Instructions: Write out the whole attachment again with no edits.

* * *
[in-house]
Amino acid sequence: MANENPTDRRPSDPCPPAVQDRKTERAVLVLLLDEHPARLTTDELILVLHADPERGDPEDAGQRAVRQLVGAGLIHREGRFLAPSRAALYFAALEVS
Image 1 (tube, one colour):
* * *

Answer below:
[in-house]
Amino acid sequence: MANENPTDRRPSDPCPPAVQDRKTERAVLVLLLDEHPARLTTDELILVLHADPERGDPEDAGQRAVRQLVGAGLIHREGRFLAPSRAALYFAALEVS
Image 1 (tube, one colour):